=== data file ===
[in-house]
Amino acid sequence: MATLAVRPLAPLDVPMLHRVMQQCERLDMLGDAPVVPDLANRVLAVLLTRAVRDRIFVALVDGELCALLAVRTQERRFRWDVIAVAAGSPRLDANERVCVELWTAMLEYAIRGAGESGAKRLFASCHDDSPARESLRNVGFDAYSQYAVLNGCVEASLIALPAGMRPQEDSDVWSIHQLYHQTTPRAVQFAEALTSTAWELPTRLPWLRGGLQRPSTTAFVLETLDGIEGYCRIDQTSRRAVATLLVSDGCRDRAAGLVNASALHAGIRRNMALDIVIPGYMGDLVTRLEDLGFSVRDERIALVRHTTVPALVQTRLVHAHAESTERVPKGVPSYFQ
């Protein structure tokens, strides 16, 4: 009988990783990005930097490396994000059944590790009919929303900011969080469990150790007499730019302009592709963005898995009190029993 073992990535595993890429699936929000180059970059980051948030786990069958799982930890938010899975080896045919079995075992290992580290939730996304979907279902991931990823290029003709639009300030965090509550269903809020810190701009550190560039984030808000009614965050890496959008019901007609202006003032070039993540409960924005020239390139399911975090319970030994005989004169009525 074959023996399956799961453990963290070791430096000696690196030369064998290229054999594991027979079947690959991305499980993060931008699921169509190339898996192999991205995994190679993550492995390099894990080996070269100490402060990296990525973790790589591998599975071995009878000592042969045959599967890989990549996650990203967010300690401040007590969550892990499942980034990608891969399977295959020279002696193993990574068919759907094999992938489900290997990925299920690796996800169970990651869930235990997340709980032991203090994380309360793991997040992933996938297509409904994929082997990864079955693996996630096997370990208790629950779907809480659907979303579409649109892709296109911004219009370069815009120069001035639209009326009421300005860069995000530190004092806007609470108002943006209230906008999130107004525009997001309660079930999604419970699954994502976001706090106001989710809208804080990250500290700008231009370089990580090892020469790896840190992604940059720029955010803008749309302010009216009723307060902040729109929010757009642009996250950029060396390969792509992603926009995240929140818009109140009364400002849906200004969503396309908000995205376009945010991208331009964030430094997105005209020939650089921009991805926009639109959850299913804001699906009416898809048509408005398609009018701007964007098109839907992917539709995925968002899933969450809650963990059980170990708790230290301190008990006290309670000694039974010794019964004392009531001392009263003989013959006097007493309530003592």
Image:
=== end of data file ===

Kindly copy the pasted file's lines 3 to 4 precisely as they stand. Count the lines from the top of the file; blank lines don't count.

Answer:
């Protein structure tokens, strides 16, 4: 009988990783990005930097490396994000059944590790009919929303900011969080469990150790007499730019302009592709963005898995009190029993 073992990535595993890429699936929000180059970059980051948030786990069958799982930890938010899975080896045919079995075992290992580290939730996304979907279902991931990823290029003709639009300030965090509550269903809020810190701009550190560039984030808000009614965050890496959008019901007609202006003032070039993540409960924005020239390139399911975090319970030994005989004169009525 074959023996399956799961453990963290070791430096000696690196030369064998290229054999594991027979079947690959991305499980993060931008699921169509190339898996192999991205995994190679993550492995390099894990080996070269100490402060990296990525973790790589591998599975071995009878000592042969045959599967890989990549996650990203967010300690401040007590969550892990499942980034990608891969399977295959020279002696193993990574068919759907094999992938489900290997990925299920690796996800169970990651869930235990997340709980032991203090994380309360793991997040992933996938297509409904994929082997990864079955693996996630096997370990208790629950779907809480659907979303579409649109892709296109911004219009370069815009120069001035639209009326009421300005860069995000530190004092806007609470108002943006209230906008999130107004525009997001309660079930999604419970699954994502976001706090106001989710809208804080990250500290700008231009370089990580090892020469790896840190992604940059720029955010803008749309302010009216009723307060902040729109929010757009642009996250950029060396390969792509992603926009995240929140818009109140009364400002849906200004969503396309908000995205376009945010991208331009964030430094997105005209020939650089921009991805926009639109959850299913804001699906009416898809048509408005398609009018701007964007098109839907992917539709995925968002899933969450809650963990059980170990708790230290301190008990006290309670000694039974010794019964004392009531001392009263003989013959006097007493309530003592």
Image: